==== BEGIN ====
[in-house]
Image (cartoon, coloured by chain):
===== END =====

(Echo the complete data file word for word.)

[in-house]
Image (cartoon, coloured by chain):